42. 42. Watanabe A, Horikoshi T, Uchida M, Koizumi H, Yagishita T, et al. Diagnostic value of spinal MR imaging in spontaneous intracranial hypotension syndrome. Am J Neuroradiol 2009: 30(1): 147-51.
  43. 43. Kranz P, Gray L, Amrhein T. Spontaneous intracranial hypotension: 10 myths and misperceptions. Headache 2018; 58: 948-59.
  44. 44. Takahashi K, Mima T, Akiba Y. Chronic subdural hematoma associated with spontaneous intracranial hypotension: therapeutic strategies and outcomes of 55 cases. Neurol Med Chir (Tokyo) 2016; 56: 69-76.
  45. 45. Wan Y, Xie J, Xie D, Xue Z, Wang Y, et al. Clinical characteristics of 15 cases of chronic subdural hematomas due to spontaneous intracranial hypotension with spinal cerebrospinal fluid leak. Acta Neurol Belg 2016; 116: 509-12.
  46. 46. Dobrocky T, Grunder L, Breiding PS, Branca M, Limacher A, et al. Assessing spinal cerebrospinal fluid leaks in spontaneous intracranial hypotension with a scoring system based on brain magnetic resonance imaging findings. JAMA Neurol 2019; 76(5): 580-87.
  47. 47. Farb R, Forghani R, Lee S, Mikulis D, Agid R. The venous distension sign: a diagnostic sign of intracranial hypotension at MR imaging of the brain. Am J Neuroradiol 2007; 28: 1489-93.
  48. 48. Albes G, Weng H, Horvath D, Musahl C, Bäzner H, et al. Detection and treatment of spinal CSF leaks in idiopathic intracranial hypotension. Neuroradiology 2012; 54: 1367-73.
  49. 49. Albayram S, Kilic F, Ozer H, Baghaki S, Kocer N, et al. Gadolinium-enhanced MR cisternography to evaluate dural leaks in intracranial hypotension syndrome. Am J Neuroradiol 2008; 29: 116-21.
  50. 50. Algin O, Turkbey B. Intrathecal gadolinium-enhanced MR cisternography: a comprehensive review. AJNR Am J Neuroradiol 2013; 34: 14-22.
  51. 51. Park K, Im S, Kim B, Hwang S, Park J, et al. Neurotoxic manifestations of an overdose intrathecal injection of gadopentetate dimeglumine. J Korean Med Sci 2010; 25: 505-8.
  52. 52. Wendl C, Schambach F, Zimmer C, Förschler A. CT myelography for the planning and guidance of targeted epidural blood patches in patients with persistent spinal CSF leakage. Am J Neuroradiol 2012; 33: 541-4.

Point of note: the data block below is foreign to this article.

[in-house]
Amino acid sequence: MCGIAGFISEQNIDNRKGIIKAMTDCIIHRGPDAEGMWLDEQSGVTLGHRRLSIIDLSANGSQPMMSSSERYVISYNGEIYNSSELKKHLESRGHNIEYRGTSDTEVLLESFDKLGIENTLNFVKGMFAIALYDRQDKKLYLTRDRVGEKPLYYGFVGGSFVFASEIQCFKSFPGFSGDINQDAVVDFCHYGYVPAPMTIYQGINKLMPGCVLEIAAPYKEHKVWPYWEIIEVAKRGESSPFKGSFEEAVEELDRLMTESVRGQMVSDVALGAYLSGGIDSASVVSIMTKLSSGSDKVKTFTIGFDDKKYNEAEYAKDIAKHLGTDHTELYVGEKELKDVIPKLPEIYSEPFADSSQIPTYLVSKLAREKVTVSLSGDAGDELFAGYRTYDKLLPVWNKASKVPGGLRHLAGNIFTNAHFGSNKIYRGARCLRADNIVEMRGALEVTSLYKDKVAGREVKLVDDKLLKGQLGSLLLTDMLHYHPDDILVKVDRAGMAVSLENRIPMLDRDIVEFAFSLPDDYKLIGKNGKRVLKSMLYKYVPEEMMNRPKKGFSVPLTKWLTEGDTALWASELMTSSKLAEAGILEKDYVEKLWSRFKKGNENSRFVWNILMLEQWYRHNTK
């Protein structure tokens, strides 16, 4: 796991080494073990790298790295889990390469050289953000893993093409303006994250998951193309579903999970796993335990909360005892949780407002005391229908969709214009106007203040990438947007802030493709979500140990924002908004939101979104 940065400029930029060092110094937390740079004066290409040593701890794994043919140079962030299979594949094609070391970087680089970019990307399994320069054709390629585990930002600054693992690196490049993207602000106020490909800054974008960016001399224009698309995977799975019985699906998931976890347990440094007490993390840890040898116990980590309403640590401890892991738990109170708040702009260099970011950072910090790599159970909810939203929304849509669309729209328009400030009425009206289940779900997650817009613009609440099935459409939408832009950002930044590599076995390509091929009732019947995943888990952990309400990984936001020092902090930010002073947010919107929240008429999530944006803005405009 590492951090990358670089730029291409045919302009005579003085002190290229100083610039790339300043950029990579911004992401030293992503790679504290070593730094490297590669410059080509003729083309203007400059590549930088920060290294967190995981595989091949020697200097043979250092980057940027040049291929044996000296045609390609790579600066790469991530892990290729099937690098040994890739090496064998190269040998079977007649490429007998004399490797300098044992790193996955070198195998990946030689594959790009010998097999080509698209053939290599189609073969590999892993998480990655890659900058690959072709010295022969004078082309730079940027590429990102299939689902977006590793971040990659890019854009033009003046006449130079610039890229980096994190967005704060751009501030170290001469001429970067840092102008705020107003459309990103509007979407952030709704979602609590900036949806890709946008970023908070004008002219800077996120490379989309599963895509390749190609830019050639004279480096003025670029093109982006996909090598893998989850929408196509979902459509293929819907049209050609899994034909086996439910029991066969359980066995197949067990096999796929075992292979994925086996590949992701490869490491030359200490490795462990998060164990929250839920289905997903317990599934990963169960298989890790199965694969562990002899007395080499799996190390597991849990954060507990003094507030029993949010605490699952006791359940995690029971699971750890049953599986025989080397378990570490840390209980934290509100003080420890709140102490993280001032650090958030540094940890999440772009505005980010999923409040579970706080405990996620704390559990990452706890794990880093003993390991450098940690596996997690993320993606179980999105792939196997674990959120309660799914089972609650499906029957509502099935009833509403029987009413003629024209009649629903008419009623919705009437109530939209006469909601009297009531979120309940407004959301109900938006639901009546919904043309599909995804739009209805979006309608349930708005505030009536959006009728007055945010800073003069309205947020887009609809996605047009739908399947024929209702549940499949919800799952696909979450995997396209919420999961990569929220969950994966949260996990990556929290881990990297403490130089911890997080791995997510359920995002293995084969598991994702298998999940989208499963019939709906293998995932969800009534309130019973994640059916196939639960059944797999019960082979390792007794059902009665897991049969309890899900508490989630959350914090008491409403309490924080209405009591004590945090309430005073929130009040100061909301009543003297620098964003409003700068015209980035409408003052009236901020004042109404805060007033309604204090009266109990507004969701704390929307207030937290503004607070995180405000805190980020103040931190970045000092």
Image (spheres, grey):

53. 53. Kranz P, Luetmer P, Diehn F, Amrhein T, Tanpitukpongse P, et al. Myelographic techniques for the detection of spinal CSF leaks in spontaneous intracranial hypotension. Am J Roentgenol 2016; 206: 8-19.
  54. 54. Luetmer PH, Mokri B. Dynamic CT myelography: a technique for localizing high-flow spinal cerebrospinal fluid leaks. AJNR Am J Neuroradiol 2003; 24: 1711-4.
  55. 55. Farb RI, Nicholson PJ, Peng PW, Massicotte EM, Lay C, et al. Spontaneous Intracranial Hypotension: A Systematic Imaging Approach for CSF Leak Localization and Management Based on MRI and Digital Subtraction Myelography. AJNR Am J Neuroradiol. 2019 Apr; 40(4): 745-53.
  56. 56. Schievink W, Moser F, Maya M, Prasad R. Digital subtraction myelography for the identification of spontaneous spinal CSF-venous fistulas. J Neurosurg Spine 2016; 24: 960-4.
  57. 57. Cheema S, Anderson J, Angus-Leppan H, Armstrong P, Butteriss D, et al. Multidisciplinary consensus guideline for the diagnosis and management of spontaneous intracranial hypotension. J Neurol Neurosurg Psychiatry. 2023 May 5: jnnp-2023-331166. doi: 10.1136/jnnp-2023-331166. Epub ahead of print. PMID: 37147116.
  58. 58. Berroir S, Loisel B, Ducros A, Boukobza M, Tzourio C, et al. Early epidural blood patch in spontaneous intracranial hypotension. Neurology 2004; 63: 1950-1.
  59. 59. Su C, Lan M, Chang Y, Lin W, Liu K. Clinical features, neuroimaging and treatment of spontaneous intracranial hypotension and magnetic resonance imaging evidence of blind epidural blood patch. Eur J Neurol 2009; 61: 301-7.
  60. 60. Cho K, Moon H, Jeon H, Park K, Kong D. Spontaneous intracranial hypotension: efficacy of radiologic targeting vs blind blood patch. Neurology 2011; 76: 1139-44.
  61. 61. He F, Li L, Liu M, Zhong T, Zhang Q, et al. Targeted epidural blood patch treatment for refractory spontaneous intracranial hypotension in China. J Neurol Surg B Skull Base 2018; 79: 217-23.
  62. 62. Wu J, Hseu S, Fuh J, Lirng J, Wang Y, Chen W, et al. Factors predicting response to the first epidural blood patch in spontaneous intracranial hypotension. Brain 2017; 140: 344-52.
  63. 63. Franzini A, Messina G, Nazzi V, Mea E, Massimo L, et al. Spontaneous intracranial hypotension syndrome: a novel speculative physiopathological hypothesis and novel patch method in a series of 28 consecutive patients. J Neurosurg 2010; 112: 300-6.


(2024). Spontaneous Intracranial Hypotension Syndrome. An Update..Journal of Neuroeuropsychiatry, 57(4).
Recovered from https://www.journalofneuropsychiatry.cl/articulo.php?id= 168
2024. « Spontaneous Intracranial Hypotension Syndrome. An Update.» Journal of Neuroeuropsychiatry, 57(4). https://www.journalofneuropsychiatry.cl/articulo.php?id= 168
(2024). « Spontaneous Intracranial Hypotension Syndrome. An Update. ». Journal of Neuroeuropsychiatry, 57(4). Available in: https://www.journalofneuropsychiatry.cl/articulo.php?id= 168 ( Accessed: 14junio2024 )
Journal Of Neuropsichiatry of Chile [Internet]. [cited 2024-06-14]; Available from: https://www.journalofneuropsychiatry.cl/articulo.php?id=168